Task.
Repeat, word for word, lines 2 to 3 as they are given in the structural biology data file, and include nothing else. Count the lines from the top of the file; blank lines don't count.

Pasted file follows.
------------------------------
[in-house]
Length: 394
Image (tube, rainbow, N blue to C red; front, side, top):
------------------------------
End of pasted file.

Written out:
Length: 394
Image (tube, rainbow, N blue to C red; front, side, top):